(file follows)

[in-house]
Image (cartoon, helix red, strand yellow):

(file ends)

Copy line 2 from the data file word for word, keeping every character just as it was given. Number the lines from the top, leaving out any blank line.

Image (cartoon, helix red, strand yellow):